There she could/had to participate

Dance&Dare SummerSchool

Show Me by The100Hands, © William van der Voort

Elske van Lonkhuyzen went to an interactive performance.
There she could/had to participate.

Text: Elske van Lonkhuyzen

I’ve been using the meditation app Headspace for a year now. There are different sessions of guided meditation you can follow, depending on what you want to work on. I’ve completed Basics 1, 2 and 3, Self-esteem, Generosity, Restlessness and Friendliness, and am now doing Acceptance for the second time.

This session entailed asking yourself: “Who or what am I resisting at this point in my life?” The idea being that only if you are aware of your resistance can you begin to relinquish it.

I resist many things.
I resist being late; I run to catch my train and am angry if the train itself is delayed and I miss my connection.
I resist getting too close to the sweating man standing next to me on the platform, and avert my eyes when he seeks eye contact.
I resist making eye contact with a stranger that three female dancers ask me to do when I arrive – just in time – at the interactive performance Show Me by The100Hands.

I walk around the room with the other members of the audience. We can decide ourselves how we walk and where we stand. We can choose ourselves with whom we make eye contact, as long as it’s with an unknown person. My eyes stray until I find another pair of eyes. They belong to a bald man of about thirty who reminds me of my upstairs neighbour Frank.
The assignment is to keep looking at one another. I’m reminded of the lectures in Social Psychology I used to attend: “Making eye contact for longer than a fraction of a second will result in love or war”, the professor said.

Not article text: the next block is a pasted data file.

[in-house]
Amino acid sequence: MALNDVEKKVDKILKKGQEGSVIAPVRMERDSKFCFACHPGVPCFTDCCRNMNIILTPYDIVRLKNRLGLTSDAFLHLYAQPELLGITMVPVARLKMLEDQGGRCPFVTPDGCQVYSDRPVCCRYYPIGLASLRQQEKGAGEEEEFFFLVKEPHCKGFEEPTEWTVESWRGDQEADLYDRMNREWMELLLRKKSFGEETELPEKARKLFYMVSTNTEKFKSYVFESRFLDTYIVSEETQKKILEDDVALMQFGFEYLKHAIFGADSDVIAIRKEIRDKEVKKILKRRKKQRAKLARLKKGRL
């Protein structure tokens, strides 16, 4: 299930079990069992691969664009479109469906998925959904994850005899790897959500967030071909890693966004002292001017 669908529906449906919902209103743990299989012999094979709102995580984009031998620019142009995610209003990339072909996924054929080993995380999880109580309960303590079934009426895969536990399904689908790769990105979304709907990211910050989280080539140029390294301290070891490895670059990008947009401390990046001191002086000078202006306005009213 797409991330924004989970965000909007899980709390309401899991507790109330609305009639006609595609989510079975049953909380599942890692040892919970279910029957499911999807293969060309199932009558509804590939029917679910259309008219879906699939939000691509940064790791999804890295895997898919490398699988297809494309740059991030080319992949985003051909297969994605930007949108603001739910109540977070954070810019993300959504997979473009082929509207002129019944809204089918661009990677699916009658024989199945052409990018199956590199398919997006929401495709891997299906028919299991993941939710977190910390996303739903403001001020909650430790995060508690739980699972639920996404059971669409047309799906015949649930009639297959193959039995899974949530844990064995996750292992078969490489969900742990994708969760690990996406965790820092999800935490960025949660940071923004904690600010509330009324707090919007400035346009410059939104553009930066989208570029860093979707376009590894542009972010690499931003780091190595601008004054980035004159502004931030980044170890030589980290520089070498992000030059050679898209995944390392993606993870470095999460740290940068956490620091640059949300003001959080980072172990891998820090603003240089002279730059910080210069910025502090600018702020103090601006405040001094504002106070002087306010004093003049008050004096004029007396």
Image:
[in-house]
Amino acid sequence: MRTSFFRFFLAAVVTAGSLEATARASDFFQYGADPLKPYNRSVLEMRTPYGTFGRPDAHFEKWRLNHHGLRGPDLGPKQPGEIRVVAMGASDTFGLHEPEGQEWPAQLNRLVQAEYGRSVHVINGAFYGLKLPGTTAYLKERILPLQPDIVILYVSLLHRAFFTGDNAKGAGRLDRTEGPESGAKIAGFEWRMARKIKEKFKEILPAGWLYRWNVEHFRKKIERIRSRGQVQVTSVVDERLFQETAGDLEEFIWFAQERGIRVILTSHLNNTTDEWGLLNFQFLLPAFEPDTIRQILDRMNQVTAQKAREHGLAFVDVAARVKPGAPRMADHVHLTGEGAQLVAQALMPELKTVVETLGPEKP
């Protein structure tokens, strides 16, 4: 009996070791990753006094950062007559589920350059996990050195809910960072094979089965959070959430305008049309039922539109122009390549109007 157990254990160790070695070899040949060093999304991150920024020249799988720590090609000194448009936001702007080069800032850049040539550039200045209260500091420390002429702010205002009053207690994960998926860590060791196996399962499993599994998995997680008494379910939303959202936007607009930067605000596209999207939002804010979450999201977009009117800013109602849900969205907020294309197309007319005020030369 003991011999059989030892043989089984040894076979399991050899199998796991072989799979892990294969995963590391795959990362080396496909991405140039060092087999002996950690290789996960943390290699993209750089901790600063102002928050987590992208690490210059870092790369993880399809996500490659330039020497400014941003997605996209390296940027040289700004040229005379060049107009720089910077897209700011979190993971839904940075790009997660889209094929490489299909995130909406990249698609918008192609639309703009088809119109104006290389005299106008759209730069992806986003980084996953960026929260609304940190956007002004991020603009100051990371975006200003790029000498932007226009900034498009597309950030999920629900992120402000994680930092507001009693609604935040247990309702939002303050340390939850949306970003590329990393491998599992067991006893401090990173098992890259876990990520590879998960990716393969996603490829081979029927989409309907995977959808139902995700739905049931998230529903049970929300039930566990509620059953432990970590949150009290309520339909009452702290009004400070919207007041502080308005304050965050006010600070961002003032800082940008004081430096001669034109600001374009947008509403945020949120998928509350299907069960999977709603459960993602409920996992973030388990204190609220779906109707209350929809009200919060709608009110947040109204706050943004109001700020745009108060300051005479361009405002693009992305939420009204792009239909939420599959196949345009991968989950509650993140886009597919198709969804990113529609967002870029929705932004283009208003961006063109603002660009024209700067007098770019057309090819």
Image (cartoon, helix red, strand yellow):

Frank’s eyes dart away every now and then, as do mine. A power struggle of sorts quickly develops. Who can and dares to keep on staring without twitching nervously, without shying away, without moving their feet? At one point I appear to be winning. I don’t want to. I try to look reassuring, nod. I get a nod back.

I expect there are people who approach this type of exercise lightly and inquiringly. Cool people probably, who go through life unconcerned. Like my brother-in-law. He might find this awkward too, but he would come right out and say it and be vaguely amused. I don’t find this amusing. I’m challenged by not being like my brother-in-law.

I’m still busy coming to terms with my own resistance, when the dancers say that if we are interested in getting a different perspective of each other, we can kneel down facing one another. If you decide to kneel down, you should take it in turns and remain kneeling for as long as you like. I don’t want to kneel down. This is mainly because I think that the one kneeling down will end up with his/her face approximately on a level with the other’s crutch and we are standing quite close to one another. I decide there and then not to kneel down and hope ardently that Frank won’t either.
But he does kneel down; there’s nothing I can do about that, of course. I am relieved to note that he leans over backwards to maintain eye contact and that I feel fairly relaxed. When he gets up again, the exercise is over.